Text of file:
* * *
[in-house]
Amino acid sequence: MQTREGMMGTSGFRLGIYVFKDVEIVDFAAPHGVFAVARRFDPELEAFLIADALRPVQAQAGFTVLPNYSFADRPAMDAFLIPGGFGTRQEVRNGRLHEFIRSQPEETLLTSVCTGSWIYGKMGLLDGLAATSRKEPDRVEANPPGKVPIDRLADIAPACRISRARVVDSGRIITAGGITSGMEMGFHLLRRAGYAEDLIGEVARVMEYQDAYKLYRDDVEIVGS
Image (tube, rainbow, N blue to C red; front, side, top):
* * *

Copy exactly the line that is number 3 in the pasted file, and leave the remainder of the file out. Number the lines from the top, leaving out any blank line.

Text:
Image (tube, rainbow, N blue to C red; front, side, top):